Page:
DOJ to appeal Manila court’s ruling vs terrorist tag on CPP-NPA
MANILA, Philippines — Justice Secretary Jesus Crispin “Boying” Remulla on Thursday said the Department of Justice will appeal the ruling of a branch of the Manila Regional Trial Court dismissing its petition to tag the Communist Party of the Philippines (CPP) and its military arm, the New People’s Army (NPA), as terrorist organizations.
The Manila RTC-Branch 19 earlier junked the DOJ’s petition for proscription, filed in 2018, to declare the communist rebel groups as a terrorist group based on Section 17 of Republic Act 9372 or the Human Security Act of 2007. It is separate from the case before the Court of Appeals which is handling an almost similar case with regards a more recent law, the Anti-Terrorism Act of 2020.
“Manila court junks proscription? We will file an MR (motion for reconsideration), then if we have to, we will go to the CA (Court of Appeals),” Remulla told reporters.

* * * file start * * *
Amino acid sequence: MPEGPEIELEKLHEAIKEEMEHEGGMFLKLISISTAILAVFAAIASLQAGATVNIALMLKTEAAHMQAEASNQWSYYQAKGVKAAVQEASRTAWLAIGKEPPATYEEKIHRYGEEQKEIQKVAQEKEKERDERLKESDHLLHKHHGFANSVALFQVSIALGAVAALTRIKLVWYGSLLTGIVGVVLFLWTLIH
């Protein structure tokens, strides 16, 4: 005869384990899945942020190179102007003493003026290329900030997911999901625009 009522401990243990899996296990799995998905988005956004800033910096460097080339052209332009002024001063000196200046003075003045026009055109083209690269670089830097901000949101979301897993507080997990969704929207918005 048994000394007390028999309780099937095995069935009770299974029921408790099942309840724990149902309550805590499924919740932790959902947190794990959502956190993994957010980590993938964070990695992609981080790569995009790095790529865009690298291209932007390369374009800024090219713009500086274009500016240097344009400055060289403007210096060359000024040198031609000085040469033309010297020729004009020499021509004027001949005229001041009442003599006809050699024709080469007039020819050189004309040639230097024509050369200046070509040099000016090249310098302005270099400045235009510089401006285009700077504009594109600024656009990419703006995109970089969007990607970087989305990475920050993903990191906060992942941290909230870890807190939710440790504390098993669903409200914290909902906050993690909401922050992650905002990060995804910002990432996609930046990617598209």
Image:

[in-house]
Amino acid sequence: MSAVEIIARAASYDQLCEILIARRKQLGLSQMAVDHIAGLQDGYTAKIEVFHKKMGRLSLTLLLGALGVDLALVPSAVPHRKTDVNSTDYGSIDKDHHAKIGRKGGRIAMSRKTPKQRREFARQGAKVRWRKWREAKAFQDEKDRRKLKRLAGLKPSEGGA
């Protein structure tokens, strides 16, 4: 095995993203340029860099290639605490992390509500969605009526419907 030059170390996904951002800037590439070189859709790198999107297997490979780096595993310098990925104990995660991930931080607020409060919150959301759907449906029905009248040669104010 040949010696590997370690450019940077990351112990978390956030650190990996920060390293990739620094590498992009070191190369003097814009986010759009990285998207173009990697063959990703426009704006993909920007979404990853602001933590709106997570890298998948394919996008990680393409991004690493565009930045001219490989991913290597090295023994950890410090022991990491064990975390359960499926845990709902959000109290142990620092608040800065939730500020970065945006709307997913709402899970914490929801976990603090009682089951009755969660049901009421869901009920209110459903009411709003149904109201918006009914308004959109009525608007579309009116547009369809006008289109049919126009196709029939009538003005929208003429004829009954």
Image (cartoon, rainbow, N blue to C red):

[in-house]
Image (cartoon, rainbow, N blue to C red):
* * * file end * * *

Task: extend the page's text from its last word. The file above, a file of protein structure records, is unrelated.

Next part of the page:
“Alam nyo naman it’s something that the state has to [take] care of. When people are attacking the state, kinakailangan nating kumilos, we use the law for this purpose, and we will obey the law whatever the case is,” he added.
Remulla then said that is still too early for him to judge on his own the Manila RTC’s rejection of the argument that rebellion is a form of terrorism.
“It’s too early to judge on my own, all of these statements by the court or the decision of the court, alam nyo naman inabot na lang namin ang kasong nyan, so we will act accordingly,” said Remulla.
In the DOJ’s proscription case, it sought clearance to conduct wiretapping, freezing, and viewing bank accounts or any assets, records and properties of CPP-NPA leaders and members.
The Manila court in it’s 135-page ruling, however, rejected this, explaining that the CPP-NPA was not organized for terrorism.
“While the armed struggle with the violence that necessarily accompanies it is indubitably the approved means to achieve the CPP-NPA’s purpose, means is not synonymous with purpose. Stated otherwise, armed struggle is only a means to achieve the CPP’s purpose; it is not the purpose of the creation of the CPP,” the decision read.
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